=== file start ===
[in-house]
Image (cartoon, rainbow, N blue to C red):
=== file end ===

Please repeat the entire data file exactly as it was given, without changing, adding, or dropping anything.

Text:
[in-house]
Image (cartoon, rainbow, N blue to C red):